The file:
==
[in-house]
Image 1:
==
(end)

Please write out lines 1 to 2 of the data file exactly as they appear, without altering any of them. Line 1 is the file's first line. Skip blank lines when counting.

[in-house]
Image 1: